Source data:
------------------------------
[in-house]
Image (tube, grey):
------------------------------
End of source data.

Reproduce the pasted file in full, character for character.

[in-house]
Image (tube, grey):